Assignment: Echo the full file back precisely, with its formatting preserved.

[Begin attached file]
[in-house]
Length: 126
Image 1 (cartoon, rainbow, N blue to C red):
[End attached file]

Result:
[in-house]
Length: 126
Image 1 (cartoon, rainbow, N blue to C red):